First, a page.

NMA Welcomes New Guidance For Reporting In The Family Courts
The News Media Association has welcomed a consultation on new draft guidance for reporting in the family courts saying that it “strongly endorses” the approach of encouraging courts to hear informal representations instead of requiring formal media applications.
In its response to a consultation by the President of the Family Division on the new draft guidance, the NMA also welcomed a forthcoming transparency review to facilitate greater understanding of the family courts.
“The NMA and its members have therefore valued their longstanding dialogue with the senior judiciary, Ministers, the Law Officers, Government departments, HMCTS and others,” the NMA said.
“These have all helped to promote open justice and facilitate public understanding of the courts, avoiding unnecessary restrictions upon the media’s access to the courts, court proceedings, court documentation and media reporting of the courts and the wider issues raised by matters before them.”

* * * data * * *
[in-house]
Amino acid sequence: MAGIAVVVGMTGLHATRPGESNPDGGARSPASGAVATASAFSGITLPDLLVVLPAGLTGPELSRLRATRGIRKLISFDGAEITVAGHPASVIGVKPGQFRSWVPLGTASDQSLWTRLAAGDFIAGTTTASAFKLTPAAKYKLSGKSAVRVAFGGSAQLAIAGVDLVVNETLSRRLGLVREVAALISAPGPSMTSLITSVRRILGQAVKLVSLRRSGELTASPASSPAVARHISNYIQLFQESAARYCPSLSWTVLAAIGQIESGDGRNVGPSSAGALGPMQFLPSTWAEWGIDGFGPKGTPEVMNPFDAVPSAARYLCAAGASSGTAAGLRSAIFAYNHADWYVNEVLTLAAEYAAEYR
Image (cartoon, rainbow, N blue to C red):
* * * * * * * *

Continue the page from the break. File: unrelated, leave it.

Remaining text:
“The NMA therefore warmly welcomes the announcement of the forthcoming transparency review. We hope that the review will include detailed consultation of the media, including the NMA and its members. We would be very happy to facilitate consultation, meetings and discussions with national, regional and local news publishers, editors, court reporters and their inhouse legal advisors.”
The NMA said it would be very helpful if the draft guidance could make opening reference to the overriding importance of the principle of open justice and the role of the media and its relevance to the family courts.
The NMA also stressed the crucial importance in practice of courts’ provision of sufficient advance information in the listing of family cases, so that editors can ascertain which proceedings are likely to raise matters of significant public interest and ensure that a reporter will attend the court.
The guidance should make clear that the media should be given advance notice of any application for a discretionary reporting restriction in every case, and have the opportunity to make representations against its imposition at the court’s hearing of any application for reporting restrictions or restrictions on media access, the NMA added.